Thursday, January 12, 2006
Wrapping up 2005
The headlines for the second half of 2005 were just as plentiful and varied as January-June.
Here’s a quick look back at a few from July-December, which wraps up the year-in-review.
The Holly Springs mayor and board of aldermen took the oath of office for a new four-year term.
Brandon Ayers, Clevin Hannah and coach Naylond Hayes led the North basketball all-stars to a win.
The Holly Springs Multi-Purpose Building was named in honor of the late Mayor Eddie Lee Smith Jr.
The first LeadershipPlenty Class wrapped up with high marks.
Burdett’s Cleaners, longtime family business, entered a new era. Garrie Colhoun sold the business to B.J. Thomas Jr.
The city school board was reviewing 11 applications for superintendent of education.
A severe thunderstorm hit Holly Springs, with lightning, strong winds and downed trees.
Citizens protested a proposed hike in the garbage collection fee before the board of supervisors.
The sheriff’s department nabbed burglary suspects and recovered lawn equipment and more.
Two Highway 78 accidents occurred just over an hour apart and a few hundreds yards from one another. Four ambulances, four helicopters and other emergency personnel responded.
Byhalia received a $100,000 grant to renovate a city-owned building, the old high school gym.
Holly Springs aldermen approved a water and sewer rate increase.
Annie Govan, a Holly High student, scored a perfect 500 on biology in the Mississippi Subject Area Tests.
Damage was minimal in Marshall County due to Hurricane Katrina.
Holly Springs aldermen upped the electric rate after a financial study by TVA.
New fencing and bleachers upgraded the football stadium at Sam Coopwood Park.
Marshall County welcomed and assisted hurricane evacuees.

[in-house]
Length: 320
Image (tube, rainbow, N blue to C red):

Approximately 4,000 attended the annual Hummingbird Festival at Strawberry Plains.
County students scored the highest yet on state tests.
Cynthia Gentry was chosen as the new superintendent of the Holly Springs School District.
Groups continued to emphasize the need for animal control before the board of supervisors.
Local, state and federal officials continued to work together to boost Chickasaw Trails. Marshall County was getting more and more looks from developers as Exel’s new building at the new industrial park was taking shape.
A portion of 309 was named J.P. Woods Memorial Highway.
The “Hacks Cross Creeper” suspect was arrested in Marshall County.
It was perfect weather for the well-attended White Oak Festival in downtown Byhalia.
Construction was set to begin soon on a new 35,000 square feet shopping center at the Holly Springs Commons.
Belinda McDonald was named the new Holly Springs city clerk.
The 139th Rust College Founders Parade included a big parade and lots of other activities.
A TVA consultant called Marshall County “a diamond in the rough” in regards to growth.
Charles Thomas was named grand marshal of the Christmas parade.
A Marshall County jury was selected and transported to Yazoo County to serve in a highly-publicized murder trial.
A morning fire totaled BizMedia in downtown Holly Springs.
Donna Olita qualified for the prestigious Boston Marathon.
Don Wilson was named Leader of the Year and Bill Kinkade Board Member of the Year at the Byhalia Area Chamber of Commerce celebration.
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